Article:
El queso equivocado

In keeping with my tradition of attempting various ethnic dishes using entirely the wrong ingredients, I give you my Mexican-style burrito thing!

Everything always looks so good on TV, so achievable, and yet I always seem to end up with some weird Anglicised version of what I’m attempting to emulate! On this particular occasion, I was inspired by the Instagram posts of Criollo Taqueria – a restaurant overlooking San Miguel Bay, in Baja California. They also featured briefly on Rick Stein’s Road to Mexico TV series. Their food is very Instagrammable, it’s kind of their “thing” really. It’s a style of food they call MexaPop – or Mexican Popular – a modern, high-quality fast food take on traditional Mexican cuisine.

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Nørdic manifesto

Following on from the foodie theme of my last post (although at the other end of the spectrum), yesterday evening’s culinary escapade was decidedly Scandi. Recently I’ve been reading about the New Nordic Food Manifesto, which is an inspiring and worthy pursuit, to my mind. I’m a bit late to the party actually (as it was outlined back in late 2004), but I’d argue that now is as good a time as any to find out about it, as it seems to be less a proposal now and more a firmly established movement.

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Lunch à la Scooby-Doo

Oh, Daphne. Be still my beating heart.

Ahem! Sorry… bit distracted there.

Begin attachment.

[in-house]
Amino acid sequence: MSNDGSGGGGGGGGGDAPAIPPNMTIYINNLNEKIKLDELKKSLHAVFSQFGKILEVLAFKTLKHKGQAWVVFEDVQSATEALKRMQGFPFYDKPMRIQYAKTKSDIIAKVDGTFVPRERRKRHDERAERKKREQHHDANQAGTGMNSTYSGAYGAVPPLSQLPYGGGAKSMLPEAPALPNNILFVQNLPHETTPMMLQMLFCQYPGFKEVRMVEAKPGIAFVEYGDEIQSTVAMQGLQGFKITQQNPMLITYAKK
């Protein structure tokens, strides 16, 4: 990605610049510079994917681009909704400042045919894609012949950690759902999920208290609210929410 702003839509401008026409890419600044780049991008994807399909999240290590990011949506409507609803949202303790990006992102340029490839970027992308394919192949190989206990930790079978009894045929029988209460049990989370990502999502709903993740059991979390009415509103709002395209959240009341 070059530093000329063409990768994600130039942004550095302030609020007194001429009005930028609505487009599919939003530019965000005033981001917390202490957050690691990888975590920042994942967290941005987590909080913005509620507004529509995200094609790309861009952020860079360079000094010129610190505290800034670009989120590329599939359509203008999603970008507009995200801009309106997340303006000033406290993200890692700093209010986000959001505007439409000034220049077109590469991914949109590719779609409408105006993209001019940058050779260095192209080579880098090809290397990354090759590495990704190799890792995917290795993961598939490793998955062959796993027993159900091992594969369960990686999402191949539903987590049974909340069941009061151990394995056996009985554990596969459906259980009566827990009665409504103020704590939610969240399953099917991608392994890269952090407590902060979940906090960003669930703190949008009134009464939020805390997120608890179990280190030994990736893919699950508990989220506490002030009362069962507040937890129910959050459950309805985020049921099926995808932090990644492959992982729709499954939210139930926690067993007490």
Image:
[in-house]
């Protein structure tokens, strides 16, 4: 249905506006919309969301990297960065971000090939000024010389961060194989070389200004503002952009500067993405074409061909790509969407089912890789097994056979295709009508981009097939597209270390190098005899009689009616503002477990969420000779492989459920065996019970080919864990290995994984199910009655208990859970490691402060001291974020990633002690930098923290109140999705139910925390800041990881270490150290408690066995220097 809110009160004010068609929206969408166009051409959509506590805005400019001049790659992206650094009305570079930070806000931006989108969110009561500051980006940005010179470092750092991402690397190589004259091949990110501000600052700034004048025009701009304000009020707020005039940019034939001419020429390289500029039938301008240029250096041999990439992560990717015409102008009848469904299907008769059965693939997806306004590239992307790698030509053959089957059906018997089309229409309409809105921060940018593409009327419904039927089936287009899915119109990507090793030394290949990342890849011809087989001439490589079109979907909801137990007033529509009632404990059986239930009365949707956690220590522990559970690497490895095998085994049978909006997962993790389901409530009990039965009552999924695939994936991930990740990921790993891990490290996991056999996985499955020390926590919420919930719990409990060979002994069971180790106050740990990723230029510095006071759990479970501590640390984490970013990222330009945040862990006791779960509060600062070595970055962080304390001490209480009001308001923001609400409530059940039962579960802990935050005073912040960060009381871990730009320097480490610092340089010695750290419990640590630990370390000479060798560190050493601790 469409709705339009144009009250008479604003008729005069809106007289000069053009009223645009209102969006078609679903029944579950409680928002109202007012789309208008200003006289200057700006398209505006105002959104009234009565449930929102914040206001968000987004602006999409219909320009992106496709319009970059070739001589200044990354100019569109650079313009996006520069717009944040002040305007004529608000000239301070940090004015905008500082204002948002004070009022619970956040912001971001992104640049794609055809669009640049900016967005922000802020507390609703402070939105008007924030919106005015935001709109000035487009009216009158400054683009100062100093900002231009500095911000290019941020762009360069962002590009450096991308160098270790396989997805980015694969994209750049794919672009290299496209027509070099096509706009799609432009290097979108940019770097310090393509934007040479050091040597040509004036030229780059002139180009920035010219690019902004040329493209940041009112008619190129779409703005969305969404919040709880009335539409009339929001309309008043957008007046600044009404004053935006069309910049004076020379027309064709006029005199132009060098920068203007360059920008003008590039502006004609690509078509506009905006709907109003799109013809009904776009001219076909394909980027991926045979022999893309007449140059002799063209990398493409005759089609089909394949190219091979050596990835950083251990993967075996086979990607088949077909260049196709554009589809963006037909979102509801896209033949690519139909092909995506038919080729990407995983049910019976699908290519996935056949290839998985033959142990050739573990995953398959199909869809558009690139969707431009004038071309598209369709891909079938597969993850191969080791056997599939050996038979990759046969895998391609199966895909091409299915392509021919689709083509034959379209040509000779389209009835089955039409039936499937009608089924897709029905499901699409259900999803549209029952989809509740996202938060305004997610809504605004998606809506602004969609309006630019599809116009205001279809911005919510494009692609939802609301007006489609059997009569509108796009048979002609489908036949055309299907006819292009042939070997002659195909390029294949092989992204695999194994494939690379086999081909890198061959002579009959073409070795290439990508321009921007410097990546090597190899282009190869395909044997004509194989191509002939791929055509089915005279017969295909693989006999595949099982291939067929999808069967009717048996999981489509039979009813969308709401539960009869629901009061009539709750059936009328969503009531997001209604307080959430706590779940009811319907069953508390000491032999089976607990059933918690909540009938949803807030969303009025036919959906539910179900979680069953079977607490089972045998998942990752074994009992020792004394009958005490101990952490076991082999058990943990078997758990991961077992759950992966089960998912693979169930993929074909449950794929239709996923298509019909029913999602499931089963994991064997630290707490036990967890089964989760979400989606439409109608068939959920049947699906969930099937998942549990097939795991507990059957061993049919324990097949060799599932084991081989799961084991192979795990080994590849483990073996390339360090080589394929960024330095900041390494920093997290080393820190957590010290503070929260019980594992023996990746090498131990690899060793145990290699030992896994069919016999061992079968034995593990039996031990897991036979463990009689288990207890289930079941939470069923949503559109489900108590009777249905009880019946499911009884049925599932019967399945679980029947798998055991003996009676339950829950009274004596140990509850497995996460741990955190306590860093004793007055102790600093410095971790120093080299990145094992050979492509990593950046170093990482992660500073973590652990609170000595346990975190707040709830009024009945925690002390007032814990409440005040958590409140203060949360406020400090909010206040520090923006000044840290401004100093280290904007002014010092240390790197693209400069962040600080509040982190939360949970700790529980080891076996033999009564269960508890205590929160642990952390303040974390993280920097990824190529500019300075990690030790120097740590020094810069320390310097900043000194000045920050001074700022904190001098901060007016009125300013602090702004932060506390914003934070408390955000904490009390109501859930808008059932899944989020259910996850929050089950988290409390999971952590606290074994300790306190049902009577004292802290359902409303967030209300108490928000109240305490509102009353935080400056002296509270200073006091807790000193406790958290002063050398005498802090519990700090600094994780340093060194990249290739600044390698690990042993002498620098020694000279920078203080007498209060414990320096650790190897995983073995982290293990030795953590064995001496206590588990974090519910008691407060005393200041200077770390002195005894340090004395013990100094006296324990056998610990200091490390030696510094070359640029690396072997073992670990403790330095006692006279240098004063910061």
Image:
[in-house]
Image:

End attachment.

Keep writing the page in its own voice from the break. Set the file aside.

The pic above is a little misleading, I’ll admit, but you know those sandwiches that Shaggy and Scooby-Doo make? The ones where they open the refrigerator, sling the ingredients across the kitchen like a croupier at Caesars Palace, and everything lands on a plate as a perfectly-formed, multi-layered snack? Yeah, that. Minimum prep, maximum nom. Don’t they always look like the greatest sandwiches you’ve ever seen? My mouth is watering at the very thought!

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Butterfly walk

Despite a forecast of mostly cloudy weather, on Saturday I decided to take a walk around the Rifle Range nature reserve, just a 20-minute walk or so from where I live in Bewdley, Worcestershire. Rifle Range is designated as a Site of Special Scientific Interest by Natural England, and is a large area of mostly heathland, with some wooded areas around its periphery.

I’ve visited a number of times over the past couple of years, and when the weather’s good, it’s a great place for a bit of butterfly spotting. I have to admit however, I wondered whether I might have been wasting my sweet time, given how overcast it was when I set out. Continue reading “Butterfly walk”

The coffee conversion

I love coffee. I mean, I’m not one of those hard-core bean-junkies who can’t function without their pre-9am quota of umpteen oversize mugs of máximo-strength, but I do love it. I’m a bit fussy about my coffee, mind you. I’m not a coffee snob, or anything like that, I don’t know enough about it, but I certainly know what floats my dinghy, and what scuttles it on the ocean of hot beverages, and sends it gurgling into the murky depths.

This was not always the case, however. I’ve always been a tea drinker; still am – I think it’s probably written deep within my genome or something. Continue reading “The coffee conversion”